TCS Banyan Park Phase-II

Client: Tata Consultancy Services

Location: Mumbai, Maharashtra

Status: 2005 - Ongoing

Area: 958320 sqft

Services: Associate Architects, Architecture and Interior Design

The project “Banyan Park” was born out of a need for TCS to consolidate its operations base at fewer locations in Mumbai as well as have its own, independent stand-alone premises for their corporate and registered headquarters. Thus, TCS has developed the existing 22 acres of the Banyan Park premises, off western express highway at Andheri East for its offshore development centers (ODCs).

One of the most challenging parts of the project was clearly being able to make a productive campus that can fully show the operations of TCS while maintaining the feel of the existing site. The name of the campus – Banyan Park was derived from the abundance of trees, over a hundred years old. The plot feels like a forest reserve in the cities industrial heartland.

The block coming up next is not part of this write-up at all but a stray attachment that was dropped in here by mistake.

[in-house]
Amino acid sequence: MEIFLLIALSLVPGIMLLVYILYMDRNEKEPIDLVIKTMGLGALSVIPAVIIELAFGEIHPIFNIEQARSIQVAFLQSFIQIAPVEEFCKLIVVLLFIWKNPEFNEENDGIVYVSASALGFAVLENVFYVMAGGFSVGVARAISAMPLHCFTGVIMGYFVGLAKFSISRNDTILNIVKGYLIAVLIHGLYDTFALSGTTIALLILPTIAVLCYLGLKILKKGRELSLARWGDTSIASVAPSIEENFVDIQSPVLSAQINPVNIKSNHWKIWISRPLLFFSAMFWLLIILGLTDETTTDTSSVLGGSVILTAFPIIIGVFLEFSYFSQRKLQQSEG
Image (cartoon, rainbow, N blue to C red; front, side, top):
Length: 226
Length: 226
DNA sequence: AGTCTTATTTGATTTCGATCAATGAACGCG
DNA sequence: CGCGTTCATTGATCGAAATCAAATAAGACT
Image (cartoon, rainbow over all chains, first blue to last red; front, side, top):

In 2003, Tod Williams Billie Tsien Architects was commissioned by Tata Consultancy Services (TCS) as Design Architects at the request of Ratan Tata to create a master plan for the Banyan Park Campus. This work done was in collaboration with Somaya & Kalappa Consultants as Associate Architects. After several iterations the master plan was approved in 2005 and subsequently design documentation began. Phase-I of the project was completed in 2011. Phase-II is in construction stage.

The campus is intended to be experienced on foot. Rather than grouping the entire program into one structure, the project is divided into separate buildings which are low to the ground to emphasize the natural beauty of the site.

The buildings are connected by the network of raised, shaded passageways, providing refuge from Mumbai’s intense heat and seasonal monsoons. Water features, found throughout the campus, help to provide soothing relief from the intense heat. Even when walking within one building, hallways remain outdoor spaces. They are connected by generous exterior stairways, encouraging people to move from floor to floor on foot. Breakout spaces are incorporated into the hallways, allowing people to interact with views of the verdant landscape. This planning approach greatly reduces the building's cooling demands and energy usage by limiting the conditioned space to the areas where it is required.